Guess who's coming to town?


Guess who's coming to town?

By Michael Felger

I think Ron Burgundy put it best:

Go & yourself, San Diego.

Felgy,Why, after 2 12 quarters of quality, attack-style defense and a 20-3 lead, did the Patriots go into a conservative soft zoneprevent defense and allow Phil Rivers to get into a rhythm? On pass plays, Meriweather and Mayo were playing so far back off receivers, it was ridiculous. I'm sure the goal was to allow underneath plays, but instead, they were allowing 12-yard receptions. Also, what does Gary Guyton bring to the table? For someone who's supposedly fast, every time I see him on the field, he's getting torched on passing plays. Did anyone ask Belichick why he changed up the defensive strategy and went away from what was successful? All I know is you don't see Dick LeBeau and the Steelers dropping into a prevent defense. They keep attacking.KevinAcushnet

I know what you're saying, but are the Pats good enough to keep attacking? I know I wouldn't want Kyle Arrington or Jonathan Wilhite or any of the safeties on an island with the game on the line. Let's just hope it's the scheme and not the talent. In other words, you get the sense the coverages call for the defensive backs (particularly the safeties) to play well off the ball and over the receivers. If the secondary is actually supposed to be underneath the receivers, or at least on them, then we're in trouble. I think it's a combination of both: a secondary that tackles much better than it covers and a coaching staff that is loathe to expose it.

Felger,A win is a win, but that was a putrid performance by the offense.It seems like going into this year, the Pats were stuck in between continuing with the wide-open, vertical, Moss-styled offense from '07 on and getting back to the short, possession, ball-control offense of the championship years. They made a point to get more physical on offense by bringing in three new TEs and by using more traditional two-TE sets and less shotgun. Many people in the media talked about getting back to a more physical brand of football.However, looking back on the offseason, I almost feel like Belichick was indecisive. If he truly was going to get back to a more possession-oriented offense, shouldn't he have dealt off Moss, who obviously doesn't fit this style, in the offseason and brought in an adequate replacement, as well as address the need for a young talent and consistent playmaker at RB?Anquan Boldin was traded to Baltimore for third- and a fourth-round picks, and the Pats were linked to him in trade rumors because of their three second-round picks. I'm sure the Patriots could've reeled in a third for Moss (or maybe even a late second) in the offseason, and then could've used that ammo in addition to their other three second-round picks to get a Boldin deal done. Isn't Boldin exactly the type of guy that would've been perfect in this offense? He is such a physical WR that runs good routes, gets great YAC, plays every play like it's his last, excels in the short-to-intermediate passing game, and can occasionally go deep. Brady would have loved him.I am 100 percent on board with this shift in offensive philosophy, but the change to go back to the old style of offense should have been firmly made in the offseason. Belichick half-assed it and tried to hedge his bets so that he could go either way with the offense a few weeks into the season. Hindsight is 2020, but Belichick should have blown the whole thing up and revamped the offense in the offseason rather than waiting until midseason to do it.JP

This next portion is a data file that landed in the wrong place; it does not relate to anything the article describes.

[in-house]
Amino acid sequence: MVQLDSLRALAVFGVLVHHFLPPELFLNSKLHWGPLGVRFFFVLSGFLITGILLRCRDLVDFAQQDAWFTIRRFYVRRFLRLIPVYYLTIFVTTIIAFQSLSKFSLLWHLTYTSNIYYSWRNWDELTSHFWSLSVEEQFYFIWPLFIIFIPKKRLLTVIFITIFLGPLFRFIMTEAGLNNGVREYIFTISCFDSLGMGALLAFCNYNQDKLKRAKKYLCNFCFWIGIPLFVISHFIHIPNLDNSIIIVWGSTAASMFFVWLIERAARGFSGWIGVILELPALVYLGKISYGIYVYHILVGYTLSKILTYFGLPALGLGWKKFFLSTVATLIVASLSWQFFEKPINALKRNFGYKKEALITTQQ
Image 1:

I think the deal with Randy Moss (and that's really what were talking about, right?) is this: The Pats knew they had a trade partner in their back pocket starting in training camp, coinciding with around the time Brett Favre returned to the Vikings. But they said to themselves it was worth giving it a shot with Moss still in the fold. They had until the trade deadline on Oct. 19 to figure whether Moss was going to be worth the trouble. If Moss could handle being a decoy in many games, if he could handle the offense going away from him, the Pats were prepared to go forward with him. As long as everything remained functional, he was in their plans. But they also knew that if things started to fall apart, the Vikings would be there to take him off their hands. Then the team charity event happened. Then the Jets game happened. Then Miami happened. Then Moss was a Viking. Simple as that.

The offense without Moss is pretty much as I expected it to be: Not as prolific but better when it counts. Could they have used Moss in the first half in San Diego with all those red-zone opportunities? Certainly. Maybe he would have had a score or two and it wouldn't even have been a game in the fourth quarter. I'll concede that. But there's no way you beat Baltimore with Moss on the field in place of Deion Branch. Maybe it's just a coincidence, but consider this: In the previous two seasons the Pats had a 2-5 record in games decided by three points or fewer. Since the Moss trade, theyre 2-0. I'm just saying.

Bottom line: It's awfully hard to have a tough, smart, resilient football team and have Randy Moss be a prominent part of it. Those things, as we like to say, are antithetical to each other.